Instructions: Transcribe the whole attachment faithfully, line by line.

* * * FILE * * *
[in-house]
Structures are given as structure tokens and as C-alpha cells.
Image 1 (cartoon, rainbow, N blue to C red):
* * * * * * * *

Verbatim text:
[in-house]
Structures are given as structure tokens and as C-alpha cells.
Image 1 (cartoon, rainbow, N blue to C red):